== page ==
For the past decade the agriculture sector has grown marginally, as the rest of the economy continues to industrialise. The slow pace of expansion has been due to a number of structural inefficiencies which limit productivity growth, in particular the prevalence of small-scale farmers, limited financing options and widespread rural poverty. In the past three years adverse climatic conditions have also affected the sector. The entry into effect of the North American Free Trade Agreement (NAFTA) in 1994 contributed significantly to the integration of the US, Mexican and Canadian markets. Some segments of the Mexican sector, such as fruits and vegetables, have benefitted from integration and market access, while others, namely grains, have not due to increased competition with highly subsidised and efficient US producers. Despite a record number of FTAs, Mexico remains highly dependent on the US market for its agricultural exports. Diversification of export markets has been limited, though recent years have seen efforts to penetrate Asian markets. With very slow growth for the past decade, new policies and an agrarian reform to be announced in 2014 could bring some much-needed dynamism to the sector.

SECTOR PERFORMANCE: The sector has grown at an annual average rate of 0.9% for the past decade. Its contribution to national GDP was estimated at 3% in 2013, down from 3.4% the previous year. Agriculture and livestock grew by 0.6% and 0.8%, respectively, while forestry and fisheries fell by 1.0% and 5.7%. Despite its declining contribution to overall GDP, the sector employs a disproportionate percentage of the population, last reported by the National Institute of Statistics and Geography (Instituto Nacional de Estadística y Geográfía, INEGI) at 14.2% in November 2013.

The sector’s main activities are the production of sugar, grains, fruits and vegetables, and livestock. While grain is still the primary crop for Mexican farmers, in 2009 the value of vegetables and fruit production surpassed that of grains for the first time, accounting for some 42% of the sector’s production against 40% for grains.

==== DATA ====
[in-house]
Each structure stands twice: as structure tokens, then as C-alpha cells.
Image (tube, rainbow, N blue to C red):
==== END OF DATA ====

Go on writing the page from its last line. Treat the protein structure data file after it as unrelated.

Slow growth in the past three years has been due mainly to adverse climatic conditions – a combination of frost and drought caused a decline in production levels. 2011 and 2012 were particularly difficult years for the sector. Production of maize, the main crop by area under cultivation, decreased, leading Mexico to drop three places from being the fourth-largest maize producer in the world in 2012 to seventh in 2013. Three consecutive years of drought also affected the livestock segment. Herd populations declined and the price of calves rose by approximately 80%.

The year 2013 was one of recovery for the sector as higher levels of precipitation increased water reserves for agriculture, though access to water remains a major challenge for the industry. Agriculture and livestock exports reached a value of $11.33bn in 2013, up 4% year-on-year (y-o-y). The fruits and vegetables segment is the most dynamic part of the sector, registering growth in production as well as exports.